Perfecting your elevator pitch

By Megan Warner on 11 Feb 2016 - 13:26

What would you say if you bumped into Alan Sugar in a lift? Would you manage to secure a valuable business connection? Or just mumble an awkward “hello”?

OK, so you might not want to work for Alan Sugar but the concept remains the same: networking opportunities are everywhere and you should make the most of them. With an elevator pitch at the ready you will be prepared for chance encounters which could boost, or kick-start, your career.

A good elevator pitch is clear, engaging, and to the point. It should explain who you are, what you do, and why you’re good at it in less than 30 seconds.

In order to develop your perfect pitch you need a clear idea of your career goals. What do you currently do? What do you want to do? And what skills do you need to excel in your chosen field?

Once you have established your goals, think about how to sell yourself. What’s good about you? What’s unique about what you do? Why are you, or will you be, better at this thing than someone else? A good pitch will justify claims with proof points, for example: “I make the best ice cream, because my Dad is Italian and I have been making ice cream since I was 3 years old.” Your proof points should demonstrate your strengths and prove you are passionate about what you do.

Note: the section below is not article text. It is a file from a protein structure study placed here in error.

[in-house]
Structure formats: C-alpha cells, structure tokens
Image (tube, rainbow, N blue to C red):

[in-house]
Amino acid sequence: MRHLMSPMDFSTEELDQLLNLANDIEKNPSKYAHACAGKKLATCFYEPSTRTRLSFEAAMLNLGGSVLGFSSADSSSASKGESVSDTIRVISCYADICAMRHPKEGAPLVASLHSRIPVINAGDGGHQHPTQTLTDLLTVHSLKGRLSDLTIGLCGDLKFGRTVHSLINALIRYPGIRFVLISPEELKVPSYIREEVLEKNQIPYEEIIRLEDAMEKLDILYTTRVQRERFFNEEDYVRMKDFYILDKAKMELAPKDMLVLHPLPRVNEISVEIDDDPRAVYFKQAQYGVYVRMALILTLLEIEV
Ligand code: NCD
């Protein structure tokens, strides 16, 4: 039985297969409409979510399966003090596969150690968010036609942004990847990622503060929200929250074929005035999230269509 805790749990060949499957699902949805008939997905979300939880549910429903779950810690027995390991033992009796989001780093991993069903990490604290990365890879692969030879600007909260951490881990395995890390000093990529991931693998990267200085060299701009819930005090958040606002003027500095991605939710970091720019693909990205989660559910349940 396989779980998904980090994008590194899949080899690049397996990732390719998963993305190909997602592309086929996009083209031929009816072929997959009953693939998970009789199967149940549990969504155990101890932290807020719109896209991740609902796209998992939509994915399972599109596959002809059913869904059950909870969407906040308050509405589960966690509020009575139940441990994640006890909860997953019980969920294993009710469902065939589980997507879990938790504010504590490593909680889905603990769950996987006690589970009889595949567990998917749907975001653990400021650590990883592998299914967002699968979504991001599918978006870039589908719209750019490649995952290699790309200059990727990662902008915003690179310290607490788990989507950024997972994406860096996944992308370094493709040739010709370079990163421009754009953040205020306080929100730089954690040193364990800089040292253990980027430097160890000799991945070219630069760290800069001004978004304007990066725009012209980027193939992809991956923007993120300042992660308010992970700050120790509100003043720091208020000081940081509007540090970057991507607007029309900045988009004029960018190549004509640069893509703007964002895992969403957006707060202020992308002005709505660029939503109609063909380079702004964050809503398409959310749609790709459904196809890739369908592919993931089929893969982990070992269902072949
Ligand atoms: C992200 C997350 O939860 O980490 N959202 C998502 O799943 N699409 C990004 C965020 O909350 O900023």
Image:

An elevator pitch is a short summary designed to explain and sell an idea in the time it takes to ride an elevator (about 30 seconds). Although commonly used to refer to a business proposal, creating a ‘personal pitch’ which focuses on your skills and career goals is a useful networking tool.

Keep your pitch structure simple and the content concise. It’s a good idea to have a range of claims, and proof points so you can quickly adapt your pitch depending on who you are speaking to in order to make it more relevant and interesting to them. For example, speaking to a farmer: “I make the best ice cream, because my Dad is Italian and I have lived on a farm since I was 3 years old.”

The entire objective of the elevator pitch is to establish rapport, and get a new contact; ideally one that has promised to help you in some way.

Once you are happy with the content of your pitch start practicing! Test it out with your friends and coworkers, the next time you meet someone new, practice on them too. Try and gauge people’s reactions to see what works and what could be changed. Whilst you’re talking remember, enthusiasm is key. The more confidence you display in yourself and in what you’re saying the more receptive the person listening will be.

Speaking to people is the most important way to establish new connections and create opportunities for yourself, so it pays to have something prepared to say! Hone your elevator pitch and keep perfecting it as your career develops, it should grow with you as your skills and interests evolve.

Next time you bump into someone important in a lift, hopefully not Alan Sugar, introduce yourself, engage them with your pitch, and get those contact details.


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